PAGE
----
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James says:
1 October 2016

Nestle Texan bar…..although revived in 2005 it was cruelly removed from sale shortly afterwards……

Profile photo of wavechange
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I was bemoaning the disappearance of Aniseed Fisherman’s Friends, but I’ve found a local shop that stocks them. 🙂

Profile photo of duncan lucas
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As I live in a fishing village Wavechange I tried the normal Fisherman,s Friend ,too strong for me I am afraid.

Profile photo of malcolm r
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I was amazed to see in a programme about Lofthouse as a £40 million company that exports Fisherman’s friend in 7 flavours – including aniseed – all over the world. A great British success story, like Swizzels.

Profile photo of John Ward
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I must find some of those – I like aniseed.

Profile photo of wavechange
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I enjoyed standard Fisherman’s Friends for years but far prefer the aniseed variety. I can now continue to support the Lofthouse company, which makes the fiends – as I refer to these strongly flavoured sweets. They are made in Fleetwood and you can have a ride on a Blackpool tram to get there.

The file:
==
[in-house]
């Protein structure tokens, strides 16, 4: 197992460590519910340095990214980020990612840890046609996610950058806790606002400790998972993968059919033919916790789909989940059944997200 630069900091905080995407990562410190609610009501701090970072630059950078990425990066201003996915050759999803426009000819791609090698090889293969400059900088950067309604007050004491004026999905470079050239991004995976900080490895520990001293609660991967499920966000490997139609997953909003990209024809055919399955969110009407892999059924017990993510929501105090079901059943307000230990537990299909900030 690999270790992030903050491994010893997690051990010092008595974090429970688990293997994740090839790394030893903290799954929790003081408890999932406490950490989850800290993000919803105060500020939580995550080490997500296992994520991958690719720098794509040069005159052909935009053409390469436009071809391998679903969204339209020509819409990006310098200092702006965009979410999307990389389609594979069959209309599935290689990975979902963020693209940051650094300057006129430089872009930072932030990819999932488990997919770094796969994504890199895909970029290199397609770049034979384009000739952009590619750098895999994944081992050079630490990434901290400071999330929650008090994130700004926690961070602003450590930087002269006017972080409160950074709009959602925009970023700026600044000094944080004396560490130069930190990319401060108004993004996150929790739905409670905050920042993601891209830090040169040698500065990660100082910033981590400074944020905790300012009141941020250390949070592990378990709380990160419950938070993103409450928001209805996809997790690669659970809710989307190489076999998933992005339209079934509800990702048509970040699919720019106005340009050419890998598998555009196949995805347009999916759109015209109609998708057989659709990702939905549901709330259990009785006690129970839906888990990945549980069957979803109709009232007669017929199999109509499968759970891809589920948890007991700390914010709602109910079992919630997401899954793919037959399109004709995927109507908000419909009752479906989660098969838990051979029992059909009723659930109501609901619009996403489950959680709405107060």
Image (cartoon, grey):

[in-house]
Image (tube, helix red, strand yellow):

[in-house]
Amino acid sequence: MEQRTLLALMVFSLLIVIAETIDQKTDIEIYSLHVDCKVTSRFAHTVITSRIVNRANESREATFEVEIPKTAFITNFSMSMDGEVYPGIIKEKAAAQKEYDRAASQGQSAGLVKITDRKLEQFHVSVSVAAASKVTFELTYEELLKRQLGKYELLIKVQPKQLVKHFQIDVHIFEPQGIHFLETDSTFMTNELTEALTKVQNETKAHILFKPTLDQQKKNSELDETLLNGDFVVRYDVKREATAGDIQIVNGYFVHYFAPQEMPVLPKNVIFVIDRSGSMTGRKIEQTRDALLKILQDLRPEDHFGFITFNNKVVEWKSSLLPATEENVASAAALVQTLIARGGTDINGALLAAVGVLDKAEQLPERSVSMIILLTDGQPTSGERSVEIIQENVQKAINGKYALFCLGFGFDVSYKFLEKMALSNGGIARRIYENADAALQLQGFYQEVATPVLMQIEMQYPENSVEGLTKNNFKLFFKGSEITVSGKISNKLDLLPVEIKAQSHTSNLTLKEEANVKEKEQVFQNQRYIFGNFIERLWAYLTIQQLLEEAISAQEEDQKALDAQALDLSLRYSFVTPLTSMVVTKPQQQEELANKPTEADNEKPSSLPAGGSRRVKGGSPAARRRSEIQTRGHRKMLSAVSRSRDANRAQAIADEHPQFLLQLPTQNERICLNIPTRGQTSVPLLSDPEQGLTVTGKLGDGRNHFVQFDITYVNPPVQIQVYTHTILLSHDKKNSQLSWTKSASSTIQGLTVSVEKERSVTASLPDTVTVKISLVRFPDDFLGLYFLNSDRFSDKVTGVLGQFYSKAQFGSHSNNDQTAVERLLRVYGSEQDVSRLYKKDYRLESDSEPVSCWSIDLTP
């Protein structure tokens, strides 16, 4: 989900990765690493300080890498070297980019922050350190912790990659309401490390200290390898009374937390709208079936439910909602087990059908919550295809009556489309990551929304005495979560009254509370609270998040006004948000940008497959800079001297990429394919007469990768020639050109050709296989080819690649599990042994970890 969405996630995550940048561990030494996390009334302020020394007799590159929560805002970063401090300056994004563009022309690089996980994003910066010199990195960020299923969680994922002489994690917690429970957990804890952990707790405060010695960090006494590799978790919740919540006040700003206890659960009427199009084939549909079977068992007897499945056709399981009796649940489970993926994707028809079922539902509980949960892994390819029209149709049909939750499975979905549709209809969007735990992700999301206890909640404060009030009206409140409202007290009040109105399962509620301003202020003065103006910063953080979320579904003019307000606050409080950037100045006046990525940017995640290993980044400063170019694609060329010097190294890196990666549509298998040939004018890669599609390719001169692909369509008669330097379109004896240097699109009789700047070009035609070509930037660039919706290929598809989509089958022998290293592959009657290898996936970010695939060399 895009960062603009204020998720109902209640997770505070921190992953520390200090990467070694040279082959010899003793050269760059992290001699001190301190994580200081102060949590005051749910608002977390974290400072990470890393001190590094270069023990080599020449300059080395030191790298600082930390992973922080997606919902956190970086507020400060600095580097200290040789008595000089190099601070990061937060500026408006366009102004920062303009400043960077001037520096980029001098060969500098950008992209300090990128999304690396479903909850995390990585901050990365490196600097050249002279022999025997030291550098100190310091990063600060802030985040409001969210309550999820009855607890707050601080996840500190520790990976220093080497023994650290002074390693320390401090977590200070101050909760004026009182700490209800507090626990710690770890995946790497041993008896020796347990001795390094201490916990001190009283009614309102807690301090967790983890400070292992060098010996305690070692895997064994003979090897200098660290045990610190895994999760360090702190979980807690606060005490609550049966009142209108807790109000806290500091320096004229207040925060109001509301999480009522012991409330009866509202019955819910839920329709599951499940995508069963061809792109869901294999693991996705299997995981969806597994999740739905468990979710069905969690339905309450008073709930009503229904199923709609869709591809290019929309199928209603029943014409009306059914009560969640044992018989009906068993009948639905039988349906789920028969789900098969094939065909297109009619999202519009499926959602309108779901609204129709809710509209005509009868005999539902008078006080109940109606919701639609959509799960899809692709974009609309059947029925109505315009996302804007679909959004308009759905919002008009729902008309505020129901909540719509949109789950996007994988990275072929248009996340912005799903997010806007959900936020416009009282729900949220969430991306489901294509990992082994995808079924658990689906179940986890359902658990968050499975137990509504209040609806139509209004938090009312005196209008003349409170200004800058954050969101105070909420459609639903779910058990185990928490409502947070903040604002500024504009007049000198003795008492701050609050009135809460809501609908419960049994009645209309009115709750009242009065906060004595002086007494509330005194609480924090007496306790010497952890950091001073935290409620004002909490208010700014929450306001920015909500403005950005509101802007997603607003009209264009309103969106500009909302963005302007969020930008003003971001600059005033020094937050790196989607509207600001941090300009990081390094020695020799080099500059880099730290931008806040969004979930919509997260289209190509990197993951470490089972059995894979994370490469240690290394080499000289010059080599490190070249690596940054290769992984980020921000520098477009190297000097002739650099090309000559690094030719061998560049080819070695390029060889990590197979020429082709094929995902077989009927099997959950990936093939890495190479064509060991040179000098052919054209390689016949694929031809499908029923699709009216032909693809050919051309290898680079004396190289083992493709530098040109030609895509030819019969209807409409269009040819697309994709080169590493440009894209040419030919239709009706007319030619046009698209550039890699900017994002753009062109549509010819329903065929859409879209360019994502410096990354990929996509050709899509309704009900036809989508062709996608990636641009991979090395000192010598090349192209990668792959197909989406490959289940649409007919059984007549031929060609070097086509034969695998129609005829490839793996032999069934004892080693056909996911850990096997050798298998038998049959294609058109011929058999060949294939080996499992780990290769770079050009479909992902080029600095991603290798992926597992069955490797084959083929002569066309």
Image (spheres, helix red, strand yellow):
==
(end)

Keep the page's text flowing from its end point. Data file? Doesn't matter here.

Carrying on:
Maybe I should buy a box of aniseed fiends in case the local source dries up.

Profile photo of banjo
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I want Cheese and Tomato crisps!

And Cadbury’s chocolate that tastes like Cadbury’s chocolate not the bland muck they do now.

Profile photo of MICHAELGAMBLE
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I want Smith’s Crisps with the twist of salt . . . . AND please, somebody, make ‘bacon crackers’ as well as ‘prawn crackers’

Profile photo of John Ward
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I have seen crisps packets with a sachet of salt inside but I can’t remember the make or brand. And I think M&S do some ‘bacon’ things that might be what you are looking for.